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Denmark recognizes possibility of funding UN-REDD Programme

Blog | Mon, 15 Jun, 2009 · 6 min read

A Second UN-REDD Programme Policy Board Meeting convened in Switzerland – significant progress made – Denmark recognized possibility of funding UN-REDD Programme

The United Nations Collaborative Programme on Reducing Emissions from Deforestation and Forest Degradation in Developing Countries (UN-REDD Programme) held its second policy board meeting on 14 and 15 June 2009 in Montreux, Switzerland, back-to-back with the meeting of the World Bank Forest Carbon Partnership Facility. The UN Programme co-chairs were Ms. Angela Cropper, Deputy Executive Director of UNEP, and Mr. Eduardo Reyes, Sub-Administrator General, National Environmental Authority of Panama. The growing interest in the Programme was demonstrated by the increased number of participants. The meeting marked the first time that the full membership of the board had been in session, notably with full and broad participation of indigenous peoples and civil society organizations, together with representatives of the United Nations Framework Convention on Climate Change, the World Bank, the Global Environment Facility and potential new donors.

The board took note of the establishment of the Secretariat in Geneva and the appointment of Mr Yemi Katarere as the Head of the Secretariat and approved a budget over the meeting for its operation under the Global Programme. Following a review of progress and the Programme’s workplan, the board noted that once the final allocations from the Multi-Donor Trust Fund had been made, the initial funding provided by the Government of Norway would be fully programmed. The board therefore welcomed the announcement by the Government of Denmark that, given the significant progress made and how well the Programme’s work augured for the future, it was exploring the possibility of funding UN-REDD, with the details to be announced subsequently.

The board expressed great interest in issues such as measurement, reporting and verification (MRV), possible issues and opportunities in achieving multiple benefits for biodiversity and livelihoods from REDD as well as governance and participation. The plan of work 2009–2010 was presented and welcomed by the board. Guidance was given to the Programme on how to engage indigenous peoples, other forest-dependent communities and civil society organizations fully in all aspects of the UN-REDD Programme. An opportunity was offered to share perspectives on how to gain access to existing networks of expertise to obtain the best available advice. The board recognized the Programme’s efforts to continue to work on harmonized components of REDD readiness with the World Bank’s Forest Carbon Partnership Facility, in addition to aligning guidelines for the engagement of indigenous peoples and civil society organizations and potential future collaboration with the Global Environment Facility.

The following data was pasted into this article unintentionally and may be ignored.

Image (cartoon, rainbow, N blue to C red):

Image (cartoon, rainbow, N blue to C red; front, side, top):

Representatives of the programme countries (Bolivia, Democratic Republic of Congo, Indonesia, Panama, Papua New Guinea, Paraguay, Tanzania and Zambia) made presentations on their progress, while Viet Nam provided a written report in that regard. Following a comprehensive discussion on the presentation by Panama, the board recommended that Panama submit its national programme for intersessional consideration and welcomed the emphasis laid on nationally led and implemented programmes.

The board took note of the presentation on a proposed high-level event on REDD during the General Assembly in New York in September 2009. At the conclusion of the meeting, the co-chairs commended the progress made towards setting the standard for efforts to reduce emissions from deforestation and forest degradation. The board is considering that its third meeting may take place in October 2009.